Looking to Sell Your Company? Here’s a Winning Formula!

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Most successful businesses are worth considerably more than the value of their assets alone. Since banks generally will not loan money on “good will,” it’s difficult for an owner to get the value they seek in exchange for a lifetime of work because a third party purchaser is often interested only in the value of a company’s hard assets.  The result: most businesses are sold at a reduced price, with better than 9 out of 10 owners financing at least some of the transaction, frequently as low as 50% of the selling price.

What are your options?

Your most favorable buyer may be an Employee Stock Ownership Plan (or ESOP). The ESOP will pay fair-market for your shares and can close in as little as 120 days.  You’ll also enjoy powerful tax advantages, allowing you to defer or even avoid taxation on the sale.

The Employee Stock Ownership Plan concept was developed in the 1950s by lawyer and investment banker Louis Kelso, who argued that the capitalist system would be stronger if all workers, not just a few stockholders, could share in owning capital-producing assets.

Echoing Kelso, the ESOP Association, founded in 1978 believes that employee ownership increases productivity as it enables employees to share in the wealth they create.  Their belief was substantiated in a major Rutgers University study (yr. 2000) of closely held ESOP companies, where it was found that ESOP companies perform better than their pre-ESOP performance would have predicted and are also more likely to remain in business. Moreover, ESOP companies have other retirement-oriented benefit plans more often than comparable non-ESOP companies.

Cranston Print Works Company, Webster, Mass, is one of the oldest ESOP companies in the U.S.  In business since 1824, they became an ESOP in the 1970’s.  On its website are quotes from employee-owners: “… this is my company and by working my hardest and demanding my co-workers work to their potential, … I can directly impact our success and prosperity.”

“I own a piece of this company — that allows me to make it a better place to work.”  

“We share in overcoming our challenges, and if we do, we will share in the rewards.” 

“I have to work harder because it is my responsibility as an owner.”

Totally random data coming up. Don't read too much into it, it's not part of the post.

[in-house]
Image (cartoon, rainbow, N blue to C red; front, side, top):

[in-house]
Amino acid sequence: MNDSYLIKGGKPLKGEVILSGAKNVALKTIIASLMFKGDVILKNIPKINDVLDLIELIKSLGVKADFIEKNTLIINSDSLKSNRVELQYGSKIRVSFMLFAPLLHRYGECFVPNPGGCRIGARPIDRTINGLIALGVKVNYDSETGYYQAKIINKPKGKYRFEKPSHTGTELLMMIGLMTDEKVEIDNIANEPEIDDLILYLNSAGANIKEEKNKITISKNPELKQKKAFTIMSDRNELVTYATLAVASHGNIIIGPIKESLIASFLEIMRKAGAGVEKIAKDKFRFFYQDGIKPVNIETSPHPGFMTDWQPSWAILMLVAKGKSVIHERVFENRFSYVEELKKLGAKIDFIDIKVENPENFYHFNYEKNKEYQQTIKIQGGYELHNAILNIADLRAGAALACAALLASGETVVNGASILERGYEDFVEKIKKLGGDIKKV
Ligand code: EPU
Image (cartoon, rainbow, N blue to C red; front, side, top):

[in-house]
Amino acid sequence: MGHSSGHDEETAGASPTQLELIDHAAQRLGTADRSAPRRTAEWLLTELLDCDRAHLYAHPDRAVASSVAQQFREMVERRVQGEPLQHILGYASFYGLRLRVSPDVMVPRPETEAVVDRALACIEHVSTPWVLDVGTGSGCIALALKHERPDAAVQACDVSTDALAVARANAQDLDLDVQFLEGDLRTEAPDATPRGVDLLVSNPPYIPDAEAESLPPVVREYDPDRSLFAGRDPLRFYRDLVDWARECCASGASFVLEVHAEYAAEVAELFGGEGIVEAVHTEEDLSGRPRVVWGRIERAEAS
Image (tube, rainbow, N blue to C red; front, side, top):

You might be wondering how your employees could afford to own your company.  “Employees are not required to contribute personal funds, acquire loans, or provide personal guarantees,”says Dynasty Capital Advisors’ Vice President, Myron Goodrum. “Instead, the purchase is conducted in the form of a contribution, similar to other tax-qualified plans.”  In the end, the owner receives a check for fair market value and the employees become owners of the stock through a solid retirement plan invested in the company’s shares. An ESOP is unique among qualified employee benefit plans in its ability to borrow money. As a result, “leveraged ESOPs” may be used as a technique of corporate finance.

Some merger and acquisition companies, such as Atlantic Management Co, Inc., Portsmouth, N.H., includes ESOP transactions among its services, along with business valuation, and ownership transition.  Other companies such as Dynasty Capital Advisors, a Hammond, Louisiana based company, focus solely on ESOP transactions and operate nationally.

Richard Duffy, Chapter Development Officer for the ESOP Association and President of Ownership Vision, Inc., a Salem, N.H. consulting firm providing communications and ownership culture services to ESOP companies, explains that, “An ESOP gives a company the opportunity to create a competitive advantage that can increase profitability from 3 to 13%.”  Duffy further states, “ESOPs are a vehicle for broadening the distribution of wealth. We have a very small percentage of people who control the wealth and capital in this country.  I believe strongly in spreading employee ownership so the people who helped create the wealth and capital share in the benefits of it.”

There are over 11,000 ESOPs in place today, covering 10 million employees, including the widely publicized deal recently executed by Sam Zell with the Chicago Tribune. A few other familiar ESOP companies are: Anderson Windows, Publix Supermarkets, and W.L. Gore Associates (makers of Gore-Tex).

The Tribune deal is largest ESOP buyout ever – over $13 billion!  “This deal painted a new path for acquiring companies using an ESOP,” says President of Dynasty Capital Advisors, G. Rogers Smith.  “Using an ESOP allows someone like Zell to take control of a company and share the ownership with the employees.  It’s a textbook case of what is possible, untried ever before.”  Given the performance record of ESOPs, it was a good move for both Zell and the Tribune.

Dynasty Capital (www.dynastycapital.com) is one of the nation’s most active ESOP providers. Myron Goodrum is responsible for business development and new client selection.  “In ESOP circles we are known as the firm that can ‘get the transaction closed.’ In fact, we close more than 96% of the transactions we accept,” he says. (Myron Goodrum can be reached at [email protected]).

(First version printed in NewHampshire Business Review. 9/07)

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